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Countering the Demon in ‘Good over Evil’
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Shefali

 

Shefali

ShefaliComing across barbaric ways of celebrating Holi by flinging semen filled water balloons over women in the national capital in the name of infamous phrase, ‘bura na mano holi hai’ (don’t mind, it’s Holi), I felt, for the first time, a genuine aversion against the euphoria of Holi celebrations across the subcontinent. Keeping aside my pre-notions of Holi, as the celebration of the arrival of spring and the festival of colours, I decided to re-consider the mythologies behind the festival. Although mythologies are merely fictional stories as they are culturally associated, they lay their imprints over every element of social institutions for centuries ahead.

We come across several barbaric incidents through social media which do not find required space in mainstream news channels because of three basic reasons. First, their indifferent attitude towards specific social groups; second, they’ve become more of a political tool to instigate common people, and third, ‘corporate media’ is the apt synonym for them. This article is an attempt to relate the atrocities against women and Dalits to the dominance of dogmatic mythologies in Indian society, on the basis of personal observation.

‘Victory of Good over the Evil’, is the universal answer for every critical statement questioning the insanity of any mythological incident that we have come across. But this certificate of ‘good’ and ‘evil’ is also decided by the historical culture of present hegemonic social groups, whose common conscience has always been driven by the uncontested authority of shastras, chaturvarnaya and ‘so called’ sanskritization in modern forms.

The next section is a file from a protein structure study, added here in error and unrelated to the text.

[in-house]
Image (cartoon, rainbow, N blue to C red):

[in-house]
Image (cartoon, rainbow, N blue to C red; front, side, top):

Holi, which is celebrated widely in India (the South and parts of North-East India are the exceptions), the mythological recognitions of the festival comes in layers.

The most popular story (Vaishnavite layer) recounts the burning of the so-called demon, Holika. A well known ‘evil’ king, Hiranyakashipu had a son, Prahlad, who was a great devotee of Vishnu (Hindu God). The king couldn’t tolerate this devotion and asked his sister Holika to sit in the fire with Prahlad as she had a divine gift of withstanding fire. However, when Prahlad was made to sit on her lap, he began to utter Vishnu’s name. According to the scriptures, Vishnu’s grace burned the demon Holika while her divine gift saved Prahlad. This instance is taken as a sign of victory of good over evil.

The Shaivite layer signifies the rebirth of Kamadeva (God of love in Hinduism), who was burnt in a bonfire as he tried to arouse Shiva’s senses. Rati, the wife of Kama, undergoes severe penance and pleads with Parvati to intercede with Shiva to revive her husband. Hence, in this case, Holi marks the transformation of lust (kama) into love. The “playful” prank played by Krishna (a form of Vishnu) on gopi (women in charge of a herd of cows) is also another reason behind the celebration of Holi in the region of Mathura.